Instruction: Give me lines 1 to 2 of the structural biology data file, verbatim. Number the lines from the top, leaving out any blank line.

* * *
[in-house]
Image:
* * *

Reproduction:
[in-house]
Image: